DIY masque protection

DIY Fabric Face Mask with Filter

Over the past week (or two or three to be), I have tried and tested several DIY face masks from the internet including Magali Thiébaud’s mask, Lisa Gachet’s mask and also the Forbes face mask. Several members of my family and also a few friends have been making masks to donate to hospitals, retirement homes and also local supermarkets.

At first, I tried to make a mask that could be converted to a headband afterwards as I am not used to wearing a mask and thought this could be useful once we no longer need masks. However, I was unable to make the mask/headband in the right way. The mask kept sliding off my face! So after quite a few attempts, I’ve opted to make an adult size mask which has a slot where you can add a filter or disposable mask inside for protection.

As there is a severe lack of official masks, sometimes these handy fabric masks are better than nothing. They do not replace the specialised N95 respirator mask, but personally, they help me from remembering not to touch my face and they also act as a shield for any liquids (coughs, sneezes, etc.) that might come out of my mouth or nose.

Several DIY masks can be somewhat similar to one another, but with this pattern, I tried to make the exact adjustments to fit different types of adult faces. I hope this might be useful to some of you!

What you will need:

Printable mask pattern
– Fabric scraps (cotton, t-shirt fabric, etc.) (about 40 cm x 40 cm)
– Elastic cord or string (2 x 20 cm)
– Small safety pin
– Scissors
– Sewing pins
– Sewing machine
– Iron (optional, but always useful)

Step 1: Download and print face mask pattern. Cut out paper pattern and pin on fabric. Then cut out fabric pieces. Please note that 3/8” seam allowance is included. Make sure to cut out 3 x A, 1 x B and 1 x C.

DIY masque protection

In order to cut out 3 pieces of piece A at the same time, I recommend accordion folding the fabric and cutting through all three layers at once.

DIY masque protection
DIY Face mask
DIY protective face mask

Step 2: Hem the sides marked with – – – – – on the B et C pieces. Make a double fold hem (fold fabric towards wrong side two times) and sew along the edges (about 2 mm).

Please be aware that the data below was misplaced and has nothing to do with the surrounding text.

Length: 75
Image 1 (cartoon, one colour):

DIY protective face mask
DIY protective face mask
fabric face mask

STEP 3: Pin B and C Pieces against Piece A right sides together (I pinned piece C to A then B on top of C and A). Sew together the triangle sides. Also sew the two A pieces on the triangle sides, right sides together.

Step 4:  Press the seam allowances open. (optional)

fabric face mask

Step 5 : Place the front and back pieces right sides together. Pin at the top and the bottom. Sew along the top and also along the bottom, using a 3/8″ seam allowance. 

fabric face mask
fabric face mask
fabric face mask
fabric face mask
Fabric face mask

Step 6 : Turn the mask inside out with right side facing outwards.

DIY Face mask
DIY Face mask

Step 6 : Make a double fold hem on each side of mask with enough width for the elastic to fit through.

DIY face mask

Step 7: With a safety pin, slide an elastic cord into the side of each mask. Adjust the elastic with a knot according to the size of the specific person’s head to ear measurements. The elastic can be left untied so that the mask wearer can adjust it accordingly. Once your mask is finished, you can also opt to slide a filter into the mask. If you do not have a N95 filter some other options could be using a paper towel or coffee filter.

fabric face mask
Fabric face mask
Fabric face mask
Fabric face mask
Fabric face mask
Fabric face mask

Are you confused about whether or not to wear a mask? Here is an article about if you should make your own mask or not from the New York Times.

If you are interested in donating or receiving handmade masks, please feel free to leave a comment below to let us know! I’ve found quite a few local hospital and also retirement homes that would love handmade masks. Please send me an email at hello@yoyo-mom.com if you would like more information about this! ❤️

P.S. We made our masks with Atelier Brunette fabric scraps and we are super happy to support small, independent businesses.

This post is also available in: French

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